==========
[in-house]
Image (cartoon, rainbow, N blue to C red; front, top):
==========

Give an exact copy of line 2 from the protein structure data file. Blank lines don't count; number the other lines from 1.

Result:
Image (cartoon, rainbow, N blue to C red; front, top):